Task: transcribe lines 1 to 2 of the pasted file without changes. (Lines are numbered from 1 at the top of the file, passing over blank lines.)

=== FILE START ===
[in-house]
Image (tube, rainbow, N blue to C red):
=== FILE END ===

[in-house]
Image (tube, rainbow, N blue to C red):